SCI-TECH & AGRI

Magnesium, aluminium, silicon detected on moon

K.S. RAJGOPAL

The mission’s X-ray spectrometer has proved more sensitive than expected



C1XS uses an advanced version of conventional CCD sensors, called swept charge devices

C1XS swept charge devices operate well at around -15 degrees C



The Chandrayaan-1 X-ray Spectrometer (C1XS) aboard the Chandrayaan-1 spacecraft, now orbiting the moon, began sending back data indicating the presence of magnesium, aluminium and silicon from December 12th during a period of weak solar flaring.

C1XS works by looking at X-rays from the sun which have been absorbed by atoms in the lunar soil, then re-emitted in such a way as to reveal the make-up of the surface.

Illumination dependent

The spectrometer is sensitive to magnesium, aluminium and silicon X-rays. When the solar illumination is bright, for example during a big solar flare, it may also be able to make measurements of other elements such as iron, titanium and calcium.

The calibration data reduction, instrument response modelling and daily operational elements and performance monitoring of C1XS are carried out by Mrs. Shyama Narendranath of ISRO Satellite Centre, some of which form core elements of her PhD thesis work.

“The significance of the detection is that the C1XS has exceeded expectations as to its sensitivity and has proven by its performance that it is the most sensitive X-ray spectrometer of its kind in history,” said Ms. Narendranath, to this correspondent. The device was designed and built at UK’s Science and Technology Facilities Council (STFC)’s Space Science and Technology Department in the Rutherford Appleton Laboratory, UK. It was developed in conjunction with the Indian Space Research Organisation.

It employs new technology to make a compact, lightweight, sensitive instrument. C1XS uses an advanced version of conventional CCD (charge coupled device) sensors such as one might find in a digital camera, called swept charge devices.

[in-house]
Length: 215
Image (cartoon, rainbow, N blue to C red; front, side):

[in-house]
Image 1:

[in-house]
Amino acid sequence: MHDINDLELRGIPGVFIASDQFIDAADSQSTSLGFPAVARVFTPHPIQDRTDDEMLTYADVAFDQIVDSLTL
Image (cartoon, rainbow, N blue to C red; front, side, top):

The baseline design consists of 24 nadir pointing Swept Charge Device (SCD) detectors, which provide high detection efficiency in the 1 to 7 keV range, which contains the X-ray fluorescence lines of interest.

The processing electronics associated with C1XS converts the swept out charge to a voltage pulse and further digitizes it. This signal is proportional to the energy of the X-ray photon that is incident on the SCD. Higher energy photons will have a voltage pulse of higher amplitude.

Solar X-rays incident on the lunar surface trigger the phenomenon called X-ray fluorescence and Moon emits X-rays. Essentially each atom of Mg, Al, Si etc on the Moon produces these X-ray photons.

Photon energy

C1XS SCDs measure these. So C1XS knows the energy of the X-ray photon. Now, each element produces an X-ray photon of unique energy. For example, Mg produces photons at energy 1.25 keV. So in the C1XS SCDs, when 1.25 keV lines are seen (a lot of them will create a peak in the data) it indicates the presence of Mg.

Why do conventional CCDs take up much more power than swept charged devices? And why do they have to be cooled for X-ray purposes, taking up even more power? Mrs. Narendranath replied: “A conventional X-ray CCD requires more power mainly because it has to be cooled up to -60 to -80 deg C. Whereas C1XS SCDs operate well at around -15 deg C. This is because, unlike X-ray CCDs, the charge is read out very quickly and continuously so that the background noise in the system is low. Generally we cool the detectors because the noise in the system is higher at higher temperatures.

“This would mean that the ‘peaks’ I mentioned earlier would be very wide and cannot be extracted from the noise.

On the C1XR you have 24 swept charged devices. Does each swept charged device have a number of pixels or just one pixel? If many pixels, how many?

“Each SCD has 1725 electrodes on it and conventionally in a three phase device, 3 electrodes where clocking is done, can be called a pixel. But this would normally mean that we can identify where the charge came from, on the detector.

“In SCDs, since the charge is swept across the diagonal, we cannot say where on the SCD it came from. So it is equivalent to a single pixel detector. Sweeping it diagonally makes the read out faster. Conventionally CCDs are read as rows and columns,”noted Ms. Narendranath.



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